AT&T DSL 1.5 mbps service = 0.3 mbps throughput

AT&T DSL 1.5 mbps service = 0.3 mbps throughput

Summary: This hasn't been a kind week to me when it comes to DSL service from AT&T as I've already gone through AT&T DSL setup hell earlier this week.  On Saturday when I set up a few extra things for my mother's home, I ran some DSL speed tests (during non busy hours at a nearby test server at 19ms away) on the 768 kbps $15/month basic DSL service.

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This hasn't been a kind week to me when it comes to DSL service from AT&T as I've already gone through AT&T DSL setup hell earlier this week.  On Saturday when I set up a few extra things for my mother's home, I ran some DSL speed tests (during non busy hours at a nearby test server at 19ms away) on the 768 kbps $15/month basic DSL service.  To my disappointment, the "broadband" connection performed at roughly 318 kbps.

This made me wonder if I should have her upgrade to the $20/month service which promises up to double the download performance.  Since my mother's neighbor has the $20/month DSL service which supposedly gets up to 1536 mbps, I went over to his house to run the same speed test.  To my surprise, he got an average of about 310 kbps which is even slower than my mother's connection even though he's been paying $5/month more for quite some time.  Now as you can imagine this didn't sit very well with either one of us so we both called AT&T tech support to see what's going on.  I was told by AT&T that the basic $15/month service has a speed range of 224 to 768 kbps.  My mother's neighbor was told that he should expect anywhere between 300 to 1536 kbps for his $20/month service.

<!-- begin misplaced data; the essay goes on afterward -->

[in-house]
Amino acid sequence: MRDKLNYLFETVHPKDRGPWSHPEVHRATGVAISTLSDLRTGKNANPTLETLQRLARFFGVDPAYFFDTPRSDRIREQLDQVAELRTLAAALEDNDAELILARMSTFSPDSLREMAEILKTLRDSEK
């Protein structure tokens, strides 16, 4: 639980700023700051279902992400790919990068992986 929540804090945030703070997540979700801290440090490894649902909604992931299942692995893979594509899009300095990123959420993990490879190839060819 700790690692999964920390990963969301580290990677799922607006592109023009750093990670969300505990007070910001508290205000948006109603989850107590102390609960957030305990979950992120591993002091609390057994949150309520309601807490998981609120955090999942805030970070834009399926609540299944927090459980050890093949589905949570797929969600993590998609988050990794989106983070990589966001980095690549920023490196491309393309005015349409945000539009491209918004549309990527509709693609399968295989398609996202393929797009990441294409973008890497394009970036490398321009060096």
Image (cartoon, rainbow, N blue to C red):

Note: If you're a DSL customer (or any broadband customer), it's a good idea to run a speed test here at DSLReports.com and see how much throughput you're actually getting for your money.

When I look at AT&T's website and their advertising, only the higher throughput number is quoted with the "up to" phrase which means they're technically covered legally though it's quite deceptive in reality.  I have the same $20/month service at home and I'm getting around 1200 kbps service which is still significantly short of the 1536 kbps advertising and I've been told there is no higher speed DSL service because I'm situated too far from the DSL CO (Central Office).  But when I think about my Mother's neighbor essentially paying $5 more for zero extra service, I have to wonder how many other AT&T customers get the same raw deal.  Ethically speaking, AT&T shouldn't even offer the $20 service to customers who they know won't get more than 768 kbps of performance.

I would have published this blog post last night except the DSL service here at my mother's house has been down as of 1:00 AM (turns out I can't use the line splitter/filter anymore for some reason.  Turns out that there's noise in our outside box that they have to fix.).  On Thursday when my mother tried to set up her friend's AT&T DSL account in the middle of the day and was speaking to the tech support person, she was told that she had to wait because the DSL service was down.  Outages seem to be a regular occurrence with AT&T/SBC and they seem to bounce their services anywhere from 5 minutes to an hour on a regular basis with zero explanation.  Earlier this year the service was out all night and I was told it wasn't an outage because it was a scheduled maintenance and that somehow also excused them from notifying their customers.